Any proposal to delay proving the planned four spaces would add insult to injury.

Insufficient off street parking space available

The new Virgin telecoms cabinet was provided after the plans for the area were published but before the planning committee made its decision on 3rd May 2018. It seems that the part of the Council which approves the location of footway plant acted without consulting the section of the Council which deals with developments.

Planning Councillor were well aware of he location of the telecoms cabinet before they made their decisions.

Other plans to provide alternative off street parking lay-bys in the area are mired in delay and have been for several years now.

Residents can object to the Councils latest plan.

Objectors should visit the “planning on line” web site click and insert reference 18/00410/GRG3 in the search facility,. Objections must be lodged before 11th December.

Bad news for small car owners in York

5.2 metre long hybrid behemoths could get discounted parking in York 

The York Council looks set to end the discounts available for the owners of small cars who park in central York. The decision will mainly affect Respark districts although some car park season ticket holders also stand to lose their concession.

In March 2004 the then LibDem controlled City of York Council took the pioneering step of offering Respark permit holders, who drove small low emission vehicles, a substantial discount on their parking permit costs. It was the first scheme of its type in the country.

At the time the discount was aimed at maximising the number of vehicles which could be parked in ResPark areas.  Then, as now, demand for on street spaces exceeds their ability particularly in terraced areas.

|The “short car” initiative meant that maximising the use of vehicles like the 2.7-metre-long Smart car could allow everyone a space. They also had the advantage of being economical, low emission vehicles although it was several years later that central government started to encourage low emission cars by establishing vehicle excise duty bandings which favoured small cars.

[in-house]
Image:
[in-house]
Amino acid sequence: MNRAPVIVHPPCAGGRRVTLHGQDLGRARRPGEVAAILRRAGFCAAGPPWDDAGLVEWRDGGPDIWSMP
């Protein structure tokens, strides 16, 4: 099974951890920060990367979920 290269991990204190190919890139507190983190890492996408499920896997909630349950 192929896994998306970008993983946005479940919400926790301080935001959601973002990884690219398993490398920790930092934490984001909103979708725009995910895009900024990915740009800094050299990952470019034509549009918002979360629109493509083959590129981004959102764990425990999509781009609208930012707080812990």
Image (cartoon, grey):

The Council used the new bandings to offer discounts for owners who bought season tickets for the Councils off street car parks. Drivers of excise duty bands A and B received a 50% discount.

Small cars will lose their discount entitlement 

Now the Council, is set to reverse its policy on encouraging small cars. Instead they intend to offer discounts on ResPark permits (and parking season tickets) only to the users of ultra low emission vehicles (ULEV). These are cars which emit less than 75g/km or less of CO2 per mile.

815 existing permit holders would be affected by the change.

In effect this means the only vehicles to benefit from a discount will be “all electric” and “plug in hybrid” models.

This is a step in the wrong direction at least as far as ResPark permits are concerned.

Many of the ULEV vehicles available are not “small”. They include models like the Mecedes S Class 500E which is over 5 metres long. The smallest is a VW e-UP (3.5 metres) which is all electric and has a range of 90 miles (probably less in the real world).

E-up would get a discount but must recharge every 90 miles

……and that is the second problem. These vehicles must be recharged after each journey. There are no kerbside charging points in ResPark areas at the moment and not likely to be in the foreseeable future.  Owners would have to drive to and from a public rapid charging point of which there are a limited number in central car parks.

The councils new plan – which will be discussed at a meeting taking place next Thursday –  is ill considered.

It seems designed only to increase the Council’s income from car parking charges. It mimics central governments excise duty decision which focus on a vehicles value rather than environmental impact.